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A novel method of EEG data acquisition, feature ex-
traction and feature space creation for Early Detection
of Epileptic Seizures
Sylvia Bugeja, Lalit Garg, and Eliazar E. Audu

Problem:
The proposed method creates a simple, yet very
effective training set acquisition for epileptic sei-
zure detection making the classifiers training
phase faster.
The proposed method was tested using CHB-MIT
database[2], a dataset of 977 hours of EEG data
containing 192 seizure instances from 22 pediat-
ric patients collected at the Childrens Hospital,
Boston.

Method: Results:
The proposed method creates a simple, yet Seizure detection Sensitivity
100%
very effective training set acquisition for epi- 99% ELM ELM
ELM
98%
leptic seizure detection making the classifiers 97% SVM
96%
Shoeb et
training phase faster. 95%
SVM SVM al. [2]
94%
93%
The proposed method was tested using CHB- 10-Minute Subsets 20-Minute Subsets 30-Minutes Subset Shoeb et al. [2]
SVM ELM Shoeb et al. [2]
MIT database[2], a dataset of 977 hours of
Figure 2. Seizure detection Sensitivity: SVM vs ELM and Shoeb et al. [2].
EEG data containing 192 seizure instances
from 22 pediatric patients collected at the Seizure detection Specificity
100%
Childrens Hospital, Boston. 80% SVM
SVM SVM
ELM ELM
60% ELM

40%

CHB-MIT 20%

0%
10-Minute Subsets 20-Minute Subsets 30-Minutes Subset
Download Patient European Data Format (EDF )Files
SVM ELM
Data Pre-Processing
Figure 3. Specificity: SVM vs ELM performance metrics.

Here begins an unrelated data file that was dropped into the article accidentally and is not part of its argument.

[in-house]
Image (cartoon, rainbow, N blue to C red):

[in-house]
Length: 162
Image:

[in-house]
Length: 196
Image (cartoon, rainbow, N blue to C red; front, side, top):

Extract Seizure Data and save it into a more easy to read format
Set number and location of channels consistent throughout the entire patients
Seizure detection latency (in seconds)
EDF files. Also, eliminate artifact channels and save this data
3.50
Transform all EDF files into two second epoched EEG data
3.00
If an EDF file contains multiple seizures than divide each EDF file into multiple SVM Shoeb et
2.50 SVM SVM
EDF files such that each subset contains exactly one seizure data. 2.00 al. [2]
1.50
1.00 ELM
Feature Vector Design 0.50 ELM ELM
0.00
10-Minute 20-Minute 30-Minutes Shoeb et al. [2]
Simple Training Set Acquisition Subsets Subsets Subset

Fetch N number of Epochs/Minutes training subsets from EDF files containing SVM ELM Shoeb et al. [2]
Seizure Data
Save remaining data (i.e. data not part of the N number of Epochs/Minutes train- Figure 4. Latency: SVM vs. ELM and Shoaib et al. [2].
ing subsets) as Non Seizure EDF files.
Table of Results

Testing Set Acquisition 10-Minute 20-Minute 30-Minutes Shoeb et


Fetch all Non Seizure EDF files created in the Training Set Acquisition
Subsets Subsets Subset al. [2]

Fetch all the EDF files which did not have any Seizure Data SVM ELM SVM ELM SVM ELM results
Sensitivity(%) 95.33 99.48 95.42 99.48 97.98 98.99 96%
Feature Selection Specificity(%) 87.11 74.21 89.90 77.16 83.73 81.39 -
Extract 1 to 10 frequency waveforms from Training and Testing sets Multilevel Latency(Seconds) 3.18 0.97 2.88 0.97 2.95 1.26 3
Wavelet Decomposition
Calculate Mean Frequencies of energy falling within the waveforms
Get Time-Evolution features
Conclusions
The proposed method provides a very good
Feature Vector Classification
foundation for simple and effective epileptic
Input Space Creation seizure detectors to be built in the near fu-
Create SeizureVectors
Create SeizureClass Classify Fea-
ture.
ture Vectors Albert Supercomputer
Create HourlySeizureData
Create NonSeizureVectors
using SVM/
Execute Feature Vectors
The 10-minutes training subsets, perform
ELM
Create NonSeizureClass Classification Process
as good as lengthier training subsets.
Create 10 Minutes, 20 Minutes and
30 Minutes Training Subsets
The ELM classification technique performs
Figure 1. Flowchart illustrating the steps involved in the proposed method
better than the SVM classification tech-
nique.

References:
[1]Epilepsy, Fact sheet, WHO. February 2016. Available: http://www.who.int/mediacentre/
factsheets/fs999/en/.
[2] A. H. Shoeb and J. V. Guttag, Application of machine learning to epileptic seizure detection,
Proceedings of the 27th International Conference on Machine Learning (ICML-10), pp.~975-982,
2010.